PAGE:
Lower Than Expected Job Offer? Upsides to Consider

By Evelyn Milani

Don’t Rule Out a New Opportunity Until You Take These Factors Into Consideration:

When changing careers, no one wants to take a step back with salary. However, making a change for the better, especially when it propels you towards your three to five year career goals (create them if you haven’t already) and your personal and professional priorities, should be considered.

If you have received an Offer with a salary that is lower than expected, here are factors to use to weigh your decision:

Research the company’s track record for upward mobility. (linkedin has analytics that show a graph of hiring over a twelve month period for each company). Is the company in a growing industry and well-managed? Do you see a trajectory that would allow for significant opportunity to prove yourself and receive a promotion?

Would the company consider setting high value objectives where, if achieved in a reasonable amount of time, your salary would increase in six months?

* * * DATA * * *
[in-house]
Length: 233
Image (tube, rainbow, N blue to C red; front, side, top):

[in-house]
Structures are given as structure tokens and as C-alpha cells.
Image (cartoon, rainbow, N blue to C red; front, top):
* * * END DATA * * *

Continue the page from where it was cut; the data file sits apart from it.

If you are entering a new field, expect to pay your dues and prove yourself. It is well-worth coming in a little lower to have the chance to learn new, cutting edge technology.

Does the company sponsor certifications or training? Some I.T. certifications cost upwards of $20,000 and can help you build a valuable portfolio of expertise. (expect to sign an agreement to pay the company back if you resign your position within a few years of receiving your certification).

If you are a salaried employee, are you currently burning the midnight oil? Would the new position afford work/life balance? When I worked in the corporate world, I was probably netting $10.00 an hour based on the consistent 80-hour work weeks.

What is your contribution to the benefit package at your current job? What is your out-of-pocket expense and how does that compare? Does the new position provide more vacation time? These factors equate to both soft and real savings if the benefits are better.

Retirement should be important to everyone at all ages. Does the prospective company match employee 401k contributions? That should be factored into your decision.

Do you spend more than thirty minutes on your commute both ways? That is time you can’t get back.

It is important to reflect on what is most important to you today and tomorrow. That requires long term planning and visioning of where you want to be. Consider career opportunities by taking the entire package into consideration.